Surely, $300 USD would seem insignificant once I'd been healed! Or, maybe I would just walk away with an empty wallet and a tepid tale. I do believe in mind over matter, though. I admit it because I am not the first to admit it.

When my grandfather passed away, I inherited a leaning, dog-eared tower of his book collection. Among titles like: Geometry and Nature, and Natural Dyes and Edible Plants of the Northeast, two other texts mingled with the arts and sciences: Cosmic Mind Power Explained and, even more intriguing: Secrets of Cosmic Mind Power. All, of course, published in the Seventies.

I arrived for my appointment with an open mind and fat wallet. She welcomed me, explained the process and brought me into the bedroom where a massage table awaited my damaged aura.

Without touching me, she began examining fluctuations in my energies. Her hands hovered barely above my fully-clothed body. Her talent was not limited to seeing auras, but also to decode them. She would blurt out random words, and interpret my ethereal reaction. I was fascinated.

Although I was laying face down, with my eyes closed, I could sense the location of her hands at all times. My skin rose toward her in goosebumps. I was enjoying the cosmic voyage. I casually drifted into a space that allowed me to believe that this was something other than a hoax. She blurted out that I was a writer. I would write six books. To accomplish this, I would have to oust the word, "want" from my mind, like she ousted tumours from from her belly.

You either do it or you don't. Regardless of what "it" is, she had a point. Saying that you will do anything in the future is a waste of breath. Who knows if you'll do it? Who knows if you'll be hit by an SUV instead. You are or your aren't. You do or you don't. This cozy in between place where we like to dwell is the quicksand for progress and achievement. Stop talking. Start doing. It was quite a lecture, really.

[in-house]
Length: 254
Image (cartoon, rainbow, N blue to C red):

She doesn't believe in predicting the future. She looks at your path, and then tells you what you are capable of doing if you get off your fat ass and scrub your dirty aura free of cosmic scum. My mom could have done the same. But, I don't trust her. She told me I was pretty when I was ten. I've seen the pictures. That woman is capable of deceit.

Any of my friends could have advised me as well. But, there is something intrinsic in the exchange of $300 that makes you want to believe you're getting your money's worth. I really wanted to believe - but, it was struggle. Then, she found my pain.

A combination of poor posture and computer work had resulted in a jabbing discomfort in my back. It had been there for months and it was affecting my life, and my moods. She found it. That was where I had been storing my negativity, and without physically touching me, she located it and repaired it - by drawing the cosmic goo of stress and doubt from me. I was going to have to have a shower when I got home, she explained, to wash all that crap off my aura. I was exhausted. I was dehydrated. I was spooked. I followed her instructions, drank some water and fell asleep.

For the first time in months, my back wasn't throbbing. I was amazed! Astounded! I was healed! I felt it was my cosmic responsibility to begin writing for a broader audience than my diary. I had to take this cosmic gospel and fly with it. Why the heck not?

So, if any more of you have some writing opportunities for this eager, penny-pinching wordsmith - bring 'em on!

Thursday, September 21, 2006

Honduras: A tale of bruised knees, dead dogs and injuries not sustained